Sidmouth stories told in song, in Living By the Sea

Living By The Sea. Picture: Sidmouth Folk Festival

Living By The Sea. Picture: Sidmouth Folk Festival - Credit: Archant

Tales from Sidmouth’s past and stories of present-day residents feature in a special show during the Folk Festival.

Living By The Sea explores the harsh, vigorous lives of maritime communities, and is aimed not only at festival-goers but all local residents.

The show blends story, poetry and folksong to take an impressionistic voyage through communities whose lives are governed by the sea. It has been created by storyteller Matthew Crampton, with music arranged and directed by Paul Sartin. They are the team behind the recent reworking of Peter Bellamy's set of folk ballads, The Transports.

Among the performers are Sartin's bandmates from the folk trio Faustus, Benji Kirkpatrick and Saul Rose, who also appeared in The Transports - plus a specially-gathered choir of festival goers.

"With The Transports, we saw the power of linking folk song with storytelling," said Sartin. "Now we can repeat that with Faustus and Matthew Crampton re-united on stage."

You may also want to watch:

"The sea is one of the most perilous places for humans," explained Crampton. "We cannot control weather or tide. We cannot know what lies below the surface. Yet we have always been drawn to the sea - for food, for travel and for inspiration."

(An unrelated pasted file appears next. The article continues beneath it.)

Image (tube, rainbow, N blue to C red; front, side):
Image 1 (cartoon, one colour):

Fishing looms large in Living By the Sea, as the show travels between whaling fleets in the South Pacific and herring boats off Britain. It includes the story of a young 17th-century fisherman from Sidmouth who emigrated to America and founded one of the great families of New England.

Most Read

Closer to home and to the present day, the show presents a moving account of the Bagwells, a fishing family from Sidmouth who featured in the recent TV documentary Working The Sea by the Sidmouth Coastal Community Hub CIC. .They started their fishing business from nothing and built it up, but suffered the tragedy of losing their son Ian at sea in 1998.

'We want the show's choir to act like a Greek Chorus,' says Sartin, 'while also creating the mood of a folk session. We'll certainly be encouraging the audience to sing along - to be part of the community we've created for this show.'

Living By the Sea will be performed on the main Ham Stage at midday on Thursday, August 8.

Become a Supporter

This newspaper has been a central part of community life for many years. Our industry faces testing times, which is why we're asking for your support. Every contribution will help us continue to produce local journalism that makes a measurable difference to our community.

Become a Supporter
Comments powered by Disqus